India Aerospace and Defence Sector: Challenges faced by Start-ups

Mayank Maheshwari, Analyst, CMR SemiTronics Practice

Mayank Maheshwari, Analyst, CMR SemiTronics Practice

The India aerospace and defence sector has seen a steep growth in the past decade, with government capital spending quadrupling from US$ 3 billion in 2000 to US$ 12.2 billion in 2010. India’s national defence budget, which is US$ 37.33 billion for the current fiscal year (FY 2014-15), is expected to grow to US$ 65.4 billion by 2020, making India the fourth biggest defence spender in the world.

There are many factors impacting the aerospace and defence sector with several policies to provide impetus and act as enablers but certain changes and requirements exist.

As the new government at the Centre has announced the ‘Make in India’ programme, support for the India ESDM ecosystem to take a leap towards design-led manufacturing of electronic modules to serve the defence, internal security and aerospace segments is poised to grow. Policy reforms are a clear indication of the government’s earnest desire to promote India’s aerospace and defence industry.

Industry players, on their part, have appreciated these moves, but their main contention is that if the government really wishes to promote the defence sector, they need to revamp some of the tax and regulatory policies applicable to the sector. This has been and remains a key demand of the industry.

Some of the challenges that were highlighted by aerospace and defence start-ups include:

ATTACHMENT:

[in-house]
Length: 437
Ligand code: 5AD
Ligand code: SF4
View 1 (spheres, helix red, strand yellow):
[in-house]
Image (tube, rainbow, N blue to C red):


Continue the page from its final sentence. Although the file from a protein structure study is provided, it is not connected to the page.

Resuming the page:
• Funding: This remains a key challenge for any start-up that plans to raise funding for their vision. Many hurdles are encountered even if an entrepreneur wishes to source seed capital.
  • Domestic Selling: It was highlighted that, traditionally the government is keen to procure products from outside India. There is low preference to domestic players, especially the start-ups. However, there are instances where the solution sold by a foreign company in India has several components manufactured out of India by these start-ups.  For instance, some defense companies based out of Israel are getting several of their key components  manufactured out of India and then sells the entire product to defense agencies in the country.
  • Domestic versus Foreign Players: Domestic manufacturers have to adhere to the country’s strict tax policies; on the other hand, taxation rules are much more simplified for foreign players.

Government of India can overcome these challenges by assigning an oversight role to DRDO to develop a process for selection of products from domestic manufacturers as well as keep tabs on all those companies that export their products to other countries. By maintaining a standards-based rating mechanism, the government can start directly procuring suitable products from domestic manufacturers.

DRDO can prepare guidelines on the lines of the Directorate General of Supplies and Disposals (DGS&D) for providing Consultancy Services to manufacturers desirous of availing Rate Contract prices, finalising tender documents for their own procurement and providing quality assurance support. Such a system will help start-ups in the aerospace and defence sector prepare themselves to bid for tenders and to face competition from large domestic and international players. We at CyberMedia Research (CMR) can provide our expertise to DRDO in building up a set of guidelines so that India’s ESDM start-ups can become active participants in the country’s aerospace and defence ecosystem.

Government can further nudge DRDO to provide a platform for registered start-ups to use their labs / infrastructure for product development, bringing new innovations to market, and help start-ups partner with established players to sustain their business operations in the open market.